Lithium increases ammonium excretion leading to altered urinary acid-base buffer composition
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Previous reports identify a voltage dependent distal renal tubular acidosis (dRTA) secondary to lithium (Li+) salt administration. This was based on the inability of Li+-treated patients to increase the urine–blood (U–B) pCO2 when challenged with NaHCO3 and, the ability of sodium neutral phosphate or Na2SO4 administration to restore U–B pCO2 in experimental animal models. The underlying mechanisms for the Li+-induced dRTA are still unknown. To address this point, a 7 days time course of the urinary acid-base parameters was investigated in rats challenged with LiCl, LiCitrate, NaCl, or NaCitrate. LiCl induced the largest polyuria and a mild metabolic acidosis. Li+-treatment induced a biphasic response. In the first 2 days, proper urine volume and acidification occurred, while from the 3rd day of treatment, polyuria developed progressively. In this latter phase, the LiCl-treated group progressively excreted more NH4 + and less pCO2, suggesting that NH3/NH4 + became the main urinary buffer. This physiological parameter was corroborated by the upregulation of NBCn1 (a marker of increased ammonium recycling) in the inner stripe of outer medulla of LiCl treated rats. Finally, by investigating NH4 + excretion in ENaC-cKO mice, a model resistant to Li+-induced polyuria, a primary role of the CD was confirmed. By definition, dRTA is characterized by deficient urinary ammonium excretion. Our data question the presence of a voltage-dependent Li+-induced dRTA in rats treated with LiCl for 7 days and the data suggest that the alkaline urine pH induced by NH3/NH4 + as the main buffer has lead to the interpretation dRTA in previous studies.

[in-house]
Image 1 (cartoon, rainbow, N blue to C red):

KeywordsLithium Distal renal tubular acidosis Ammonium Acid-base homeostasis Collecting duct
The authors thank Inger Merete Skrubbeltrang Poulsen and Helle Hoyer for excellent technical assistance with immunohistochemistry and western blotting and Mogen Koed for manufacturing the bicarbonate analyser. Financial support for this study was provided by the Danish National Research Foundation (Grundforskningsfonden), the Marie Curie Research Program (EU’s Sixth Framework Programme), the Lundbeck Foundation, The Danish Council for Independent Research—Medical Sciences, Aarhus University Research Foundation and AU-center: MEMBRANES.
Compliance with ethical standards
Conflict of interest
The authors have no conflict of interest.
This study does not involve humans.
This study involves only animal models, particularly rats. As stated in the method section, all the experiments have been performed in accordance to the license #2005/561–1032 issued by the Animal Experiments Inspectorate, Denmark.
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